The United States, which has long lectured Latin American countries on human rights abuses, is now pressuring a number of those countries to sign bilateral agreements granting immunity to U.S. citizens from prosecution by the new International Criminal Court.
A number of Latin American and Caribbean leaders have refused, and the Bush administration has punished 14 of these by suspending military aid.
Alienating its closest neighbors makes no sense for Washington.
In punishing Colombia and other nations that are U.S. allies in the fight against drugs and terrorism, the United States is potentially undermining the security of the hemisphere.
The Bush administration insists the immunity is needed to prevent politically motivated prosecutions. European nations have insisted that the fear is groundless, since the court can step in only if a country fails to dispense justice itself.
The situation is most shocking in Colombia. President Alvaro Uribe was the only Latin American president to support the U.S.-led war against Iraq. He has also followed U.S. guidelines to spray coca crops in an effort to stop the flow of cocaine into the United States.
Yet Uribe's allegiance meant nothing when he didn't sign the U.S. immunity agreement. Now about $135 million in U.S. military aid is at stake. The Bush administration has withheld the first $5 million and threatens to suspend the full package. The first installment was destined for a Colombian Army unit protecting an oil pipeline operated by Occidental Petroleum, a U.S. company.
Washington has provided $2.5 billion in aid to Colombia since 2000, when the Clinton administration enacted Plan Colombia, a program aimed at reducing illegal drug production by 50 percent by 2005. Now, according to the Colombian government, that program is potentially jeopardized, as is the U.S.-supported Colombian war on terror.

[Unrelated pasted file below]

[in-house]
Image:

Caribbean nations, which also depend on U.S. aid to fight drugs, recently declared in a statement: "The punitive action from the U.S. will weaken U.S. efforts to protect its own borders and security in the region."
Carlos Vallejo, president of the Ecuadorian parliament's National Defense Committee, called the U.S. decision a "moral offense" and warned that if military aid was suspended, it must include the withdrawal of U.S. troops from the Manta Base in Ecuador used by the United States to control drug trafficking.
It is time for Washington to reconsider its war against a court that serves to defend human rights around the world. It is time for the Bush administration to start focusing on the pressing issues confronting the Americas - terrorism and drug-trafficking, serious economic and social problems and crises of governance - and stop nonsensical sanctions against countries that have taken a stand for human rights.
The writer is a Colombian journalist and fellow at Harvard University's Center for Public Leadership at the John F. Kennedy School of Government.
Copyright © 2003 the International Herald Tribune